Jesus' fame is spreading to the point that Herod the tetrarch is made aware of his ministry. Can you imagine? The news about a carpenter from Nazareth has grown to the point that royalty hears about all that is taking place in the region. Herod is superstitious and believes that this is actually John the Baptist raised from the dead which explains the miraculous works done by Jesus. Matthew describes the background for why Herod might reason this way. Herod had put John in prison because John had taken a public stance on his marriage to the wife of his half-brother. Taking a stand in the public arena can be challenging and dangerous especially if it offends someone in the political office or is not well received in the public arena. Herod wanted to kill John but was afraid of the people because they believed that he was a prophet. Fear of the people had served as John's protection until what transpired during a birthday celebration for Herod. The daughter of Herodias danced for Herod and his guests. Herod was so pleased that he made a rash vow. Her mother was so vindictive and angry that she had prompted her daughter to ask for the head of John the Baptist on a platter. Herod realized his mistake, but he was too late and felt obligated because of his guests and perhaps due to his selfish pride. He obliged the grotesque request and had John beheaded. The trophy was awarded to the girl, and she gave it to her mother. John's disciples retrieved the body, buried it, and then sent the news to Jesus.
Jesus lost his forerunner, his friend, and a member of his family when he lost John the Baptist. He withdrew to be alone but had no opportunity to mourn his loss, because the crowds followed on foot. The crowd was waiting when he went ashore. Jesus did not send them away nor did he complain about their insensitivity or his loss. Instead, he had compassion on them and healed their sick. As the day nears its end, the disciples advise Jesus to send the crowds away because the area was desolate and they needed food. Jesus challenges their counsel and tells the disciples to feed this hungry throng. They explain that they only have five loaves and two fish. Jesus tells them to bring this small meal and to have the group be seated. He took the food, blessed it, and gave it to the disciples to distribute. This gathering ate until they were satisfied and when the leftovers were collected, they had twelve baskets full. Thousands were fed from a humble meal.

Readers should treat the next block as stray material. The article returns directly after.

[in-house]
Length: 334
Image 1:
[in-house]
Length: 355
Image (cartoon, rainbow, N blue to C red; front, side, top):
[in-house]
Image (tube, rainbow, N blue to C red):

If It Is You...
Jesus immediately puts the disciples into a boat and sends them away to the other side while he dismissed the crowds. Jesus then withdrew to pray. The boat is a long way from land, and a storm was assaulting the tiny craft. Jesus comes to his disciples walking on the water, and it terrifies them. They thought they were seeing a ghost and began to cry out in fear. Jesus immediately tries to comfort them and instructs them not to be afraid. Peter speak up quickly and says,"Lord if it is you, command me to come to you on the water. Jesus bids him come and Peter began to walk on the water to Jesus. This was short lived, and the great storm frightened Peter, and he began to sink. He cried out to Jesus, and he rescued him. He asked Peter why he doubted, and when they got into the boat, the storm ceased. The crew began to worship and exclaimed that Jesus is the Son of God.
The journey across the sea ended in Gennesaret and when Jesus and his party landed, the people came to him for help. They sent word to all of the surrounding areas and invited people to come see Jesus. The people came, and they asked only to be able to touch Jesus' garment. Many were healed in this way, and Jesus' fame continues to spread.